Adapted from a Zurie recipe
We had leftover blueberries from dessert last night. Jan woke up with, “I wouldn’t mind blueberry scones this morning.” Please note that she never really asked for scones, but that is just her way. I usually make oatmeal scones, but today I wanted to do something different.
When I am researching a recipe I will frequently run across an unrelated, but interesting recipe that I might want to try someday. A quick scrap & paste, a note on the source and it is in my “sort file,” waiting for a day like today. When I searched for “scones” this one came up and I decided to adapt it to include blueberries.
Karl’s Blueberry English Scones
2 cups cake flour
4 tsp. baking powder
½ tsp. salt
6 Tbs. butter, cold
1 egg, lightly beaten
milk, added to the egg to make ¾ cup
1 cup fresh blueberries
2 Tbs. cream
1. Heat oven to 400 deg F.
2. Measure the flour, baking powder and salt in a flour sifter. Sift the dry ingredients several times to mix them thoroughly.
3. Slice the butter into thin pats and cut it into small pieces with a pastry cutter.
Tip: If you do not have a pastry cutter you may use a fork or squeeze the butter with your fingers until it resembles crumbs. However, be careful not to melt the butter into the flour.
4. Put the egg into a measuring cup and beat it lightly.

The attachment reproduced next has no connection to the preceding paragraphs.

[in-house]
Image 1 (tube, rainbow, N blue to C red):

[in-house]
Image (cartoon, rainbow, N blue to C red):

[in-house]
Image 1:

5. Add enough milk to make ¾ of a cup of liquid.
6. Add the milk mixture to the dry ingredients and gently fold the dough with a spatula.
7. When there is still some dry flour showing add the blueberries. When there is no more dry flour showing, stop and let the dough rest for 5 minutes.
Tip: You do not want to overwork the dough. The more you work it, the more gluten is created. This is a good thing for breads, but a bad thing for scones and biscuits. The more you knead the dough the tougher your scones will be. Resting your dough allows the last of the dry flour to absorb the last of the liquid without creating more gluten.
8. Turn the dough out onto a floured board and pat it into a ¾ inch thick square.
Tip: How thin you pat your dough depends on how high you like your scones. If you prefer you may pat your square as thick as 1½ inches for a really tall, fluffy scone.
9. I use a bread scrapper to cut the dough into 9 or 12 portions.
Tip: If you really like round scones, you may use a cutter to make 2 to 2½ inch rounds. However, if you do this, you will have to gather up the scraps, reform them into a sheet and cut again. These second cuts will be a little tougher than the first cuts and you will always end up with one ugly, last-bits scone.
10. Put the scones on a Pam-ed baking sheet and brush the tops with the cream.
11. Bake for 13 – 14 minutes, until well risen and golden.
12. Serve immediately, while still warm from the oven.